The Soap Plant or Amole

Chlorogalum pomeridianum

A rosette of wavy blue-green leaves is often the most noticeable part of the soap plant. The leaves may grow up to 2 feet long, flattened against the ground. In May or June these leaves start to wither as a stout stem 2 to 4 feet high rises from the root stalk. Dainty blue-veined white flowers appear successively up the stalk, opening briefly in the afternoon. The descriptive name, pomeridianum, means "opening in the afternoon." The large deeply seated bulb is covered with coarse fibers. Soap plant grows in dry open places throughout the Sacramento region.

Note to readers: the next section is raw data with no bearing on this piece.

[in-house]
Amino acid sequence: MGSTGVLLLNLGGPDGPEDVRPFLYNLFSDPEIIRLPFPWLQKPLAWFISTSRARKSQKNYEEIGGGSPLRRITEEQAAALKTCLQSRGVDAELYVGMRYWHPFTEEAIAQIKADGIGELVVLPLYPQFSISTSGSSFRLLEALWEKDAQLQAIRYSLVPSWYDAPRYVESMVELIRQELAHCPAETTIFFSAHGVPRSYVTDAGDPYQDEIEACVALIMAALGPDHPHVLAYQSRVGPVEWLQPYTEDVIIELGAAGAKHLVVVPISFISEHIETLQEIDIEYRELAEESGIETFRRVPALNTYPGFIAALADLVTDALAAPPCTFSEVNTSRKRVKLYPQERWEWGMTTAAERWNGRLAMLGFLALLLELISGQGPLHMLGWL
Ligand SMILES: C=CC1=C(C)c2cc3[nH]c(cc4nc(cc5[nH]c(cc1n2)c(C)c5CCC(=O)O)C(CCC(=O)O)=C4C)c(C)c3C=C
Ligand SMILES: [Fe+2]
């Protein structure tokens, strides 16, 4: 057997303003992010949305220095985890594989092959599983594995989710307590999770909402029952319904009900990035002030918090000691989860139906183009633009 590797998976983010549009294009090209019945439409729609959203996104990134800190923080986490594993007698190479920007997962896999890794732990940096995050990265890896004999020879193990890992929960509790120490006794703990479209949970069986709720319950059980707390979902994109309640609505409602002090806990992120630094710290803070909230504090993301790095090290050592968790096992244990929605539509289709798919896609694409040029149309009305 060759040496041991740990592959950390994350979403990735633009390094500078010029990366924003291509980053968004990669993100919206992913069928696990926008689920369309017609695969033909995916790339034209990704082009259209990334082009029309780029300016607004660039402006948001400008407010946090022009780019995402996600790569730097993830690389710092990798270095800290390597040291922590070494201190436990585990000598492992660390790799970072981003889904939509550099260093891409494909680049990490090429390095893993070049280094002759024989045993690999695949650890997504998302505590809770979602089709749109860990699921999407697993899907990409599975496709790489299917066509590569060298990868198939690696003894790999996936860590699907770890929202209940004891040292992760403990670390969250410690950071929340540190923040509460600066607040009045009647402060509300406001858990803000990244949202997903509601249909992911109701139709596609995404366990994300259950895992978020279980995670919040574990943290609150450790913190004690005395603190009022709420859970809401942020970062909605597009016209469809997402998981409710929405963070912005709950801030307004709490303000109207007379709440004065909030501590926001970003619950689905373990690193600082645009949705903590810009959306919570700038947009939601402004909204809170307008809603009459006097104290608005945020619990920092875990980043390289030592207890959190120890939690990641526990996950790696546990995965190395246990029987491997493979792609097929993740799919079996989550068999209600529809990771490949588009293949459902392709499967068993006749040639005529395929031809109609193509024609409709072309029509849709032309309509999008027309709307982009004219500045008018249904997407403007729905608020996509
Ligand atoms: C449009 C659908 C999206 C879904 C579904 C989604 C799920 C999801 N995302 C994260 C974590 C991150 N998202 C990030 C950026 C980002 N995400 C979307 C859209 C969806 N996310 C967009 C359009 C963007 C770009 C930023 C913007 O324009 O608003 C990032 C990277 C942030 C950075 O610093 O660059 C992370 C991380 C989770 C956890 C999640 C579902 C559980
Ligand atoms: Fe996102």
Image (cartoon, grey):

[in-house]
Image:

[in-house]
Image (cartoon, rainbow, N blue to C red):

Indians had many uses for this plant. The bulb was baked for food, and the coarse fibers were used to make brushes. The crushed bulb made a soapy lather that was used as a shampoo. This same material was used to help catch fish. It was put into low flowing streams where it would get into the gills of fish so they could not breathe. The crushed bulb also made a glue used variously for fletching arrows, putting backings on bows, and making brush handles. The mashed bulb was applied to relieve sores and poison oak rash and to cure rheumatic pains and cramps. In addition to the bulb, very young shoots proved to be a very sweet food when cooked slowly in a pit oven. When still young, the fresh green leaves were sometimes eaten raw. The older leaves were used for wrappong acorn bread during baking. Juice from the leaves was pricked into the skin for green tattoo markings. A similar plant with narrower, somewhat less wavy leaves, is Chlorogalum angustifolium.